Global COVID cases drop as pandemic disrupts routine US kids' vaccines

Older man getting COVID vaccine in Thailand
Older man getting vaccinated in Thailand

Gumpanat / iStock

In its weekly snapshot of the pandemic, the World Health Organization (WHO) said yesterday that global cases dropped for the fourth straight week, with illness levels—as well as deaths—down in all regions.

In US developments, new data from the Centers for Disease Control and Prevention (CDC) show a drop in routine (non-COVID) childhood vaccination rates in kindergarteners, due to COVID-19 disruptions, as the nation's cases inch upward again.

Cases approach pre-Omicron level

About 5 million cases were reported last week, a drop of 24% compared to the week before, putting the world at the level it was in the middle of December, before the height of the Omicron variant surge, which was the biggest of the pandemic. The five countries that reported the most cases were South Korea, France, Germany, Italy, and Japan.

The WHO has urged people to interpret the trends with caution, however, given that countries are stepping down some of their testing strategies, which would likely influence case counts.

Countries reported about 18,000 COVID-19 deaths, reflecting a decrease of 12%. The United States reported the most, followed by Russia, South Korea, Germany, and Italy.

Though cases declined in all of the world's regions, a few countries reported increases over the last week. In Africa, cases were up sharply in Niger, Mozambique, and Zambia. In the Americas, cases were up in Suriname, Haiti, Saint Lucia, and the United States. In the European region, cases were up in Kyrgyzstan and Andorra. And in Asia, Guam and China reported case rises.

Shanghai keeps tight restrictions

In China, a lockdown will continue in Shanghai—even in districts with no cases—due to persistent infections outside of quarantine settings, officials said today at a briefing, according to Reuters.

The city's 26 million people are in their fourth week of lockdown, which has affected global supply chains and has been a drag on China's economy.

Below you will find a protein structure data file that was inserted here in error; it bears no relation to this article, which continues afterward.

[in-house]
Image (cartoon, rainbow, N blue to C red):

China today reported 19,382 new local cases, of which 16,552 were asymptomatic. Of the symptomatic cases, 93% were from Shanghai, and of the asymptomatic infections, 95% were from Shanghai. Also today China reported eight more deaths, all in Shanghai.

Elsewhere in the region, Taiwan—where a surge recently began—reported 3,058 new cases today, according to CNA. Only six patients, though, so far have moderate infections, with the rest mild or asymptomatic. Officials have said cases aren't yet at peak levels, which could reach 10,000 a day.

Hong Kong, where cases are steadily declining after its worst surge, has reopened beauty parlors, theme parks, and movie theaters for the first time in 4 months, according to Reuters.

US childhood vaccination rates drop

In US news, rates of routine childhood vaccines for incoming kindergarteners during the 2021-22 school year dropped to 94%, according to new data today from the CDC. The CDC said the drop is another outcome of disrupted medical care caused by the COVID-19 pandemic.

"There are 35,000 more children in the United States during this time period without documentation of complete vaccination against common diseases," Georgina Peacock, MD, the acting director of the CDC's immunization services division, said today during a press conference.

The target 95% threshold was not met for the measles, mumps, and rubella vaccine nor for the diphtheria, tetanus, and acellular pertussis vaccine.

In other school-related news, Milwaukee Public Schools reinstated its district-wide mask mandate on Apr 19, just 1 day after making masks optional, ABC News reports. District officials cited significant transmission of COVID-19 in the city as the reason for the mandate returning.

COVID-19 cases continue to climb across the country. The United States reported 68,781 new COVID-19 cases yesterday and 877 deaths, according to the Johns Hopkins COVID-19 tracker.

The 7-day average of new daily cases is 43,357, with 386 daily deaths, according to the New York Times tracker.

CIDRAP News Reporter Stephanie Soucheray contributed to this story.

This week's top reads